19/05/2012 § Leave a comment
We Bought a Zoo is SWPL crack through and through. It has all the hallmarks of SWPL stuff: based on a true story, token upbeat black guy, non-traditional family, faux-deep personal crisis, Matt Damon, and an unbelievably hipster soundtrack (I believe I heard the sounds of “Holocene” by Bon Iver at one particularly emotional point). Interestingly, the film tends to adhere to generally upper-middle class morals, though they remain unspoken and more or less unacknowledged. Really, the movie appeals to the ethos of what David Brooks refers to as the Bohemian Bourgeoisie.
The story centers on Benjamin Mee—played by Matt Damon—as he struggles to cope with the loss of his wife. Some attention is paid to his children, Dylan and Rosie, as they struggle with the loss of their mother, but the bulk of the movie is centered on Benjamin. Mee knows that he can’t stay in the same small town where he met and married his wife, because there are too many memories and he’s having a hard time letting go. His son is acting up in school because he doesn’t know how to cope with the grief, and so he gets expelled. Rosie seems more upbeat, occasionally acting as the adult that’s holding the family together, in part because she isn’t old enough to understand death and loss, let alone struggle with it. In fact, it’s later revealed that she doesn’t even really understand that her mother is dead.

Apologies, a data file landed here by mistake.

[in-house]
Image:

Since a change of scenery is in place, Mee sets out to search for a new house. This is when he runs into the token wise black character™ who happens to be a realtor that’s new to town. These scenes are generally amusing, but they feel a little self-conscious. Mee eventually settles on buying an old zoo, mostly because his daughter seems rather excited about the prospect of living in a zoo. Dylan is decidedly less enthusiastic about it, mostly because he’s allergic to work, and also because he doesn’t want to move away from his friends.
Nonetheless, Mee decides to go ahead with his purchase and moves the family there. Everything seems to work out at first, but drama quickly sets in. For starters, the nearest Target is nine miles away—and that’s just one way! Viewers are reminded of this every scene, probably because the scriptwriters had sold some product placement to Target. Or maybe they’re just trying to convey to the assumedly SWPL crowd just how far away from civilization this zoo really was.
The problems escalate from there: the zoo’s accountant tells everyone that Benjamin is running out of money, which causes the zoo staff to distrust and ignore Mee. Benjamin’s brother, Duncan, continually tries to talk Benjamin out of running the zoo. Dylan starts complaining about how much his life sucks now that he can’t hang out with his friends, and how they never come around. Also, half the staff is crazy.
Anyhow, Benjamin pushes through all this adversity by firing his accountant and sinking every last penny he has into the zoo, including his wife’s secret insurance policy. He has a heart-to-heart with his son, in a surprisingly emotional scene. Even Duncan comes around.